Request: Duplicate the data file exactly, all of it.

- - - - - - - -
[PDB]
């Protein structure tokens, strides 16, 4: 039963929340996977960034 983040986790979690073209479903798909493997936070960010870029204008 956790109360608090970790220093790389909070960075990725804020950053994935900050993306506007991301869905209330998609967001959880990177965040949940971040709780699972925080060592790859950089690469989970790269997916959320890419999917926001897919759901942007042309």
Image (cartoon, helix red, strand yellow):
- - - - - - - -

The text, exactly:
[PDB]
């Protein structure tokens, strides 16, 4: 039963929340996977960034 983040986790979690073209479903798909493997936070960010870029204008 956790109360608090970790220093790389909070960075990725804020950053994935900050993306506007991301869905209330998609967001959880990177965040949940971040709780699972925080060592790859950089690469989970790269997916959320890419999917926001897919759901942007042309």
Image (cartoon, helix red, strand yellow):